Can the American bison be domesticated

Can the buffalo run around in ranches? [closed]

Why did man choose to domesticate Bos cattle rather than bison? Was it a question of geography, characteristics, or both?

My first speculation was that size matters in this case, which is an idea that I'll explore first, but after further deliberation, I think this is partially true for another reason, and that Bos is capable of agricultural labor Providing versus bison may have been the most important factor.

At the time when cattle were first domesticated (something that probably happened a few centuries after sheep and goats were domesticated and tens of thousands of years after dogs were domesticated, but several thousand years before the horse was domesticated (and earlier) The hybrid mule was available. About a dozen centuries before the donkey domestication, human communities were much smaller than they are today. A community of 200 would have been a large city. A few dozen people in a community would have been pretty typical.

Bison are, on average, much larger than Bos. This means that the same amount of pasture can carry less bison than Bos and that each bison slaughtered produces more meat at one time. If you slaughter more meat in a week or two than your community members can immediately eat, there will be a lot of wasted meat that your community has invested a lot of time and effort on. However, when each slaughtered animal is smaller, it is easier to eat more of the meet from the slaughtered animal before it spoils and goes to waste.

In fact, even modern cows are likely larger than the earliest domesticated Bos. In this way, the meat production from slaughtered cows could be divided into manageable rates.

On further consideration, I still think that a smaller size was an advantage for Bos, but I think this may have less to do with the amount of meat produced per animal slaughtered (after all smoking and / or salting Beef in order to preserve it must be present was mastered fairly early, probably before shepherds and domesticated animals were even developed), and it had more to do with a few other size-related factors:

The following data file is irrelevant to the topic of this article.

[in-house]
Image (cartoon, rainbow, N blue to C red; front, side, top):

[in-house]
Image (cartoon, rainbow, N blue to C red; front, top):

1. Smaller animals eat less, so cows are more useful than bison when you have limited available grazing land (and early on in Fertile Crescent farming, when cattle were domesticated, there were plenty of forests used by early farmers for crops cleared, and much more less open steppe pasture than now).

  2. Smaller animals are easier to control when used in agricultural work than larger animals like bison, especially for early herders, whose animal control skills and techniques may not have been very sophisticated.

  3. To the extent that you want to keep your cattle from walking away from your farm with fences or rope lines, it is much easier to hold back a cow than a bison. You'll need bigger fences and stronger rope to hold back a bison.

  4. At least in winter it seems that early Neolithic farmers used the common area of ​​their houses as a combined family room / cattle shed. While having a bull in the china shop is bad, having a bison in the china shop is worse. The comparatively smaller cow would have been preferable to the bison to share your family room on a bitterly cold night (partly to give people extra warmth from the animals, as well as for the benefit of the animals, which are protected from the cold and wolves in the house) . Of course, it would be better to have sheep and goats still inside, but neither sheep nor goats are well suited to serve as pack animals, so at least until the donkey there would have been no substitute pack animals for the cow domesticated in Egypt after the European Neolithic Revolution had already started to expand into this "virgin territory" from the perspective of a farmer.

A related consideration is that before a cow, especially a male cow, becomes food, it is also a major source of muscle strength for all sorts of purposes, from pulling sleds (carts wouldn't come until thousands of years later) to cutting down forests to plow fields. I've seen other members of the Bos genus of various species used in this capacity, but I've seen a lot of American bison (the town I live in has its own herd of bison) but I've never seen one who used as such became a pack animal and I seriously doubt bison would be well suited for this role.